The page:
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In the Dessert Room, an L-shaped settee custom-made by Ed Harris for this long-time client is covered in Rose Tarlow fabric. A heroic Thornton Dial canvas predominates; Dial was in the Whitney Biennial 2000 and was also the subject of a one-person survey organized by the MFAH in 2005.
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In one corner of the Dessert Room, outsider creator Eugene Von Bruenchenhein’s tower formed from chicken and turkey bones, circa 1970s, is as delicate and beautiful as it is seminal. The late Milwaukee visionary (1910 – 1983) is a rare find, and also in the collection of the American Folk Art Museum, New York.
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Oshman praises Ed Wilson’s hand-hewn metal stairway for its unerring beauty. Under the stairway, note the Menil-exhibited Sharon Kopriva’s sculpture of mummies, alongside famed Indian outsider artist Nek Chand’s regal figure adorned with broken glass used like jewels.
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Another dialogue that Oshman fosters is between the hometown hero, the visionary and the international. Witness University of Houston sculpture department chairman Paul Kittelson’s droll cracker curtain, in a tête-à-tête with circa-1930s tramp-art men formed from bottle caps, resting atop a table topped by an Afghan embroidery scored from a New York flea market.
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Houston-based Ed Wilson was commissioned to make the decorative metal grate, depicting a heron, that covers the air-conditioning return. Above, a work by internationally exhibited Houston-born Mel Chin that presents a political statement in the form of a sculpture of the extinct Carolina parakeet.
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Soaring stairs boast the sculptural expertise of Ed Wilson’s organic metal rails and James Surls’ dome, which both figuratively and literally mark an apex of the collection.
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The Dessert Room’s faintly Victorian air is achieved with a sofa by famed Guido De Angelis covered in a gray-blue satin, a custom chrysanthemum-pattern carpet by Larry Hokanson, and handsome chairs from her original home, freshened in opulent fabrics by Harris. A bounty of notables rooted in Texas, include Charmaine Locke’s incised life-sized stone sentinel, Sharon Kopriva’s spiritually infused canvas (between the windows) and (over the sofa, right) a wall sculpture by West Texas-based James Magee.
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In the living room, lacquered walls make the art pop. Facing sofas are by AI, updated by Harris. Works by Texas talents include a James Surls sculpture (wall niche, right), Pedro Friedeberg Hand chair (by mantle), Ed Wilson’s coffee table and by Dorman David, the magnificent carved fireplace surround.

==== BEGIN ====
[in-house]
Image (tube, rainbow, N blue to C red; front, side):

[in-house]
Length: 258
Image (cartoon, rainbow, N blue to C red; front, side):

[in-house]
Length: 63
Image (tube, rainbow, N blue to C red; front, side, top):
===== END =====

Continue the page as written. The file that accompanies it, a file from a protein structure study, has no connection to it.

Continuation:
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In the living room, decorator Ed Harris updated classic furnishings from Oshman’s River Oaks Boulevard residence (in this case, AI sofas) with new upholstery. The stools with the spotted cushions are “from a marvelous furniture maker in L.A., Stephen Courtney,” Oshman says. A major early canvas by John Alexander, "The Last Supper," 1984, cohabits with Magdalena Abakanowicz’s poignant figure (right) and an animalistic wooden bench by Houston artist Dorman David.
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The library has the spirit of a cabinet of curiosities. One of Oshman’s favorite pieces, Tom Duncan’s sculpture of a man being eaten by a bear, is a darkly humorous find from Andrew Edlin Gallery, NYC. Ed Harris added the feather tribal headdresses, a gift found in Santa Fe for this client, who he “thought would be the only other person in the world to appreciate them.”
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One corner of the library shows its owner’s mania for volumes, history, antiques, vintage 20th-century toys and art of all regions, periods and continents.
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“It stopped me in my tracks,” says Oshman of Leonora Carrington’s "Red Mask," 1950, acquired from Frey Norris Gallery, San Francisco. The sculpture has pride of place in her Dessert Room, named such due to its sugary palette perfected by Oshman in collaboration with designer Ed Harris.
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Joseph Beuy’s "Silver Broom and Hairless Broom," 1972, in the Dessert Room. “I had all sorts of funny things happen with these brooms,” she relays. “One night after a dinner party, the man who had been hired to serve dinner took the broom and started cleaning up.”
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Amber Eagle, who divides her time between Texas and Mexico, crafted this conceptual sugary sculpture using techniques employed in the confectionary arts. Eagle is also the talent behind "Our Lady of Transportation," a show-stopping vehicle that rolls every Art Car Parade.
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Over a rococo-style fireplace, Forrest Prince’s mirror work proclaims “Love,” while an array of vintage dolls look on.
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Early toys and dolls fill the bathroom’s shelves, niches and alcoves, radiating a unique energy as hundreds of glassy eyes glance about.
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